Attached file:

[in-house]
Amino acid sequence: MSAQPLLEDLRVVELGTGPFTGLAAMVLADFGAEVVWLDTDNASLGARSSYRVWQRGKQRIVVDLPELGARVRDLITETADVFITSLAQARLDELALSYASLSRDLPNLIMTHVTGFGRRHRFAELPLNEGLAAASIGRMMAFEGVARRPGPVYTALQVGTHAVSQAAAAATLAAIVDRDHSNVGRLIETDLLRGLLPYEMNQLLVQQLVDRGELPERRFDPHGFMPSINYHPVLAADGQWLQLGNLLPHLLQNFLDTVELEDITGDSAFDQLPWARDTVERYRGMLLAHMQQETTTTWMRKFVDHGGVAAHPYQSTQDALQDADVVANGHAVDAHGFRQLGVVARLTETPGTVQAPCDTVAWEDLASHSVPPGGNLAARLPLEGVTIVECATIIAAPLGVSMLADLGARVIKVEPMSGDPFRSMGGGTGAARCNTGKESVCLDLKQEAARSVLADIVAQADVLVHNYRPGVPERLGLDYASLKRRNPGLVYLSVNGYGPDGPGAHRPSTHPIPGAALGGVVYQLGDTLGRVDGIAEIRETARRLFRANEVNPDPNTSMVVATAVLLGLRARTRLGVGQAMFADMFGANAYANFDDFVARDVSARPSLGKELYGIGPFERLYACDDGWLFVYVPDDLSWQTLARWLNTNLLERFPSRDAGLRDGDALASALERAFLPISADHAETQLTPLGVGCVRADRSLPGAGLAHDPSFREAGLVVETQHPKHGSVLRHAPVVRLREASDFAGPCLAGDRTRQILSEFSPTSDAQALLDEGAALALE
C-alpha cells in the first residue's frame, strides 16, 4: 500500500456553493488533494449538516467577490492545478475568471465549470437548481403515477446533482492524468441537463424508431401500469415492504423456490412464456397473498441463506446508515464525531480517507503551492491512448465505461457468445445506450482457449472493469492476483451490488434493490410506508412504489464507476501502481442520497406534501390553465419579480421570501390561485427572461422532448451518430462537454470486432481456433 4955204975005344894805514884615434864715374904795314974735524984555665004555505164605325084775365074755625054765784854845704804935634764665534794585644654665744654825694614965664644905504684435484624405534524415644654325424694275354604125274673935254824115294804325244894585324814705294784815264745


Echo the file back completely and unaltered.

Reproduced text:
[in-house]
Amino acid sequence: MSAQPLLEDLRVVELGTGPFTGLAAMVLADFGAEVVWLDTDNASLGARSSYRVWQRGKQRIVVDLPELGARVRDLITETADVFITSLAQARLDELALSYASLSRDLPNLIMTHVTGFGRRHRFAELPLNEGLAAASIGRMMAFEGVARRPGPVYTALQVGTHAVSQAAAAATLAAIVDRDHSNVGRLIETDLLRGLLPYEMNQLLVQQLVDRGELPERRFDPHGFMPSINYHPVLAADGQWLQLGNLLPHLLQNFLDTVELEDITGDSAFDQLPWARDTVERYRGMLLAHMQQETTTTWMRKFVDHGGVAAHPYQSTQDALQDADVVANGHAVDAHGFRQLGVVARLTETPGTVQAPCDTVAWEDLASHSVPPGGNLAARLPLEGVTIVECATIIAAPLGVSMLADLGARVIKVEPMSGDPFRSMGGGTGAARCNTGKESVCLDLKQEAARSVLADIVAQADVLVHNYRPGVPERLGLDYASLKRRNPGLVYLSVNGYGPDGPGAHRPSTHPIPGAALGGVVYQLGDTLGRVDGIAEIRETARRLFRANEVNPDPNTSMVVATAVLLGLRARTRLGVGQAMFADMFGANAYANFDDFVARDVSARPSLGKELYGIGPFERLYACDDGWLFVYVPDDLSWQTLARWLNTNLLERFPSRDAGLRDGDALASALERAFLPISADHAETQLTPLGVGCVRADRSLPGAGLAHDPSFREAGLVVETQHPKHGSVLRHAPVVRLREASDFAGPCLAGDRTRQILSEFSPTSDAQALLDEGAALALE
C-alpha cells in the first residue's frame, strides 16, 4: 500500500456553493488533494449538516467577490492545478475568471465549470437548481403515477446533482492524468441537463424508431401500469415492504423456490412464456397473498441463506446508515464525531480517507503551492491512448465505461457468445445506450482457449472493469492476483451490488434493490410506508412504489464507476501502481442520497406534501390553465419579480421570501390561485427572461422532448451518430462537454470486432481456433 4955204975005344894805514884615434864715374904795314974735524984555665004555505164605325084775365074755625054765784854845704804935634764665534794585644654665744654825694614965664644905504684435484624405534524415644654325424694275354604125274673935254824115294804325244894585324814705294784815264745